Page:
This is a drawing showing an elderly female figure, the artist’s mother, sitting in a wing chair. Her face appears lined and her body is frail. Wearing a simple dress with short sleeves and a round neck, the figure sits with her hands neatly folded on her lap and her legs crossed. The chair is positioned squarely within the frame but the figure sits upright against the chair’s right-hand corner, which gives a three-quarter view of the sitter. The outward thrust of the chair’s arms and the cast shadows that are densely marked behind the figure’s neck and arm, emphasise a sense of three dimensionality. Hockney has signed the drawing with his initials. It is inscribed ‘Bradford, Aug 2nd, 1972’.
This highly naturalistic portrait in pen was accomplished in one session without revisions, the product of a high degree of concentration that the artist has identified as part of his drawing practice (Stangos, p.157). Hockney’s earliest extant portraits of family members date from his time as Bradford School of Art (1953–7), as in for example Portrait of My Father 1955 (reproduced in Livingstone and Heymer, p.44). Portraiture continues to form an important part of his output. Hockney very rarely takes on portrait commissions, instead preferring to portray relatives and friends or other people he asks to sit for him.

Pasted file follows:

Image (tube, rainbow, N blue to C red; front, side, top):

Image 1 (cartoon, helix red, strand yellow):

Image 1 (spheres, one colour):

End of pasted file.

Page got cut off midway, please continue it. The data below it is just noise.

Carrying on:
Hockney’s mother is the subject of numerous images, ranging from line drawings such as this one, to prints, photographs and paintings. He depicted her with his father, Kenneth, in the painting My Parents (T03255) in which Laura sits rigidly on an upright chair directly facing the viewer, while Kenneth, positioned at an angle, looks downwards, closely scrutinising a book. Most of Hockney’s images of his mother are single portraits and, as in T11897, he often depicted her seated; see, for example, The Artist’s Mother 1972, a drawing in coloured crayon (reproduced in Livingstone and Heymer, p.49), and the prints Portrait of Mother I and III 1985 (P20119 and P20124). In these prints the artist employs a simplified, rough style but the frail and white-haired figure is distinctive in his oeuvre and easily recognisable.
The portrait of the mother is a common motif in art history and one imbued with a complex range of emotion. In T11897 Laura Hockney seems at ease, accustomed to the artist’s scrutiny. She does not return the viewer’s gaze. Hockney’s portrayals of his mother epitomise the humanising quality of his portraiture more generally. It seems he used the portraits of Laura Hockney over decades to explore and concretise their close bond.
Nikos Stangos, ed., David Hockney By David Hockney, London 1976.
Ulrich Luckhardt and Paul Melia, David Hockney: A Drawing Retrospective, London 1995, reproduced p.146.
Marco Livingstone and Kay Heymer, Hockney’s Portraits and People, exhibition catalogue, Royal Academy of Arts, London 2003, reproduced p.48.